The purpose of this paper is to examine how information asymmetry driven by earnings quality affects corporate cash holdings. It also investigates the role that financial constraints play in this effect.
The paper examines a large sample of 6,501 observations of 741 firms listed on Euronext Paris over the period 2000–2015. Earnings quality is computed using the Jones model performance-matched discretionary accruals developed by Kothari et al. (2005): the larger the absolute value of discretionary accruals, the lower the accruals quality.
The study finds that firms with poor accruals quality hold more cash and that cash holdings in firms of low reporting quality are higher under financial constraints. These results indicate that firms tend to increase their cash reserves in the presence of high information asymmetry which is notably driven by low accounting quality. The findings also suggest that information asymmetry associated with low reporting quality is greater when firms also have strong financial constraints. The study’s conclusions are consistent with the precautionary motive for cash holdings.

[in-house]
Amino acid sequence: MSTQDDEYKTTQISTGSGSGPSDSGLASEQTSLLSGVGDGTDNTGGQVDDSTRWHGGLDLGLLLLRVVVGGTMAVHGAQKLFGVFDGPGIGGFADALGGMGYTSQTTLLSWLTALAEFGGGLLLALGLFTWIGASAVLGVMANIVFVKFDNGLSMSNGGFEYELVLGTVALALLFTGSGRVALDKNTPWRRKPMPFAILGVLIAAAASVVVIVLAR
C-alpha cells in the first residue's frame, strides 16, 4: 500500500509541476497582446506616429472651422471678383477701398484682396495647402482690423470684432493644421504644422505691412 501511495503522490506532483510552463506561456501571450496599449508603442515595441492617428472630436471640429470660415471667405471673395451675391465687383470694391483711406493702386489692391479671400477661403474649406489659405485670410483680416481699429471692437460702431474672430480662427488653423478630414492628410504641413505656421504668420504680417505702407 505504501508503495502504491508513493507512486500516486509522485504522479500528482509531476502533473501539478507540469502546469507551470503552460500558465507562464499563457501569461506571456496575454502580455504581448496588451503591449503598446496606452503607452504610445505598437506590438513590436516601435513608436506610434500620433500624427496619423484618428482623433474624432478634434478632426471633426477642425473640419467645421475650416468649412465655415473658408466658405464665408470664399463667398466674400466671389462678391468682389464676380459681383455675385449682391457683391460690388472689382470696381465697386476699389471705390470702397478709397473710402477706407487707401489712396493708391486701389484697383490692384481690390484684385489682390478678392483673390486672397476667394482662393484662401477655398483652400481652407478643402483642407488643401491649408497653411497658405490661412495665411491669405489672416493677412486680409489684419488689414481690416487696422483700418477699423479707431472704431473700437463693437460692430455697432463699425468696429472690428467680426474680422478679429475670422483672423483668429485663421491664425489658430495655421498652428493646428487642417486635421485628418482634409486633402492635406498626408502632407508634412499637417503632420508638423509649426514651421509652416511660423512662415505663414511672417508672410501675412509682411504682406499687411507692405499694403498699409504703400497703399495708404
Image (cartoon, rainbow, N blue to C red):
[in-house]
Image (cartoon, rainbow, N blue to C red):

The results would enhance practitioners’ awareness of the importance of accounting choices in the management of cash policies. It would also give researchers an incentive to further explore how these policies are influenced by the precautionary behavior of managers.
This paper is the first work to investigate the effect of accruals quality on corporate cash holdings in the French equity market, which typically has a poor information environment resulting in high information asymmetry. Moreover, the role of financial constraints in this effect has not yet been explored.
Mansali, H., Derouiche, I. and Jemai, K. (2019), "Accruals quality, financial constraints, and corporate cash holdings", Managerial Finance, Vol. 45 No. 8, pp. 1129-1145. https://doi.org/10.1108/MF-12-2018-0621Download as .RIS
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